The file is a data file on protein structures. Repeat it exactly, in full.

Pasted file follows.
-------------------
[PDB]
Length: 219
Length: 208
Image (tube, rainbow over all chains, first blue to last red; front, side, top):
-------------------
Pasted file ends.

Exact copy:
[PDB]
Length: 219
Length: 208
Image (tube, rainbow over all chains, first blue to last red; front, side, top):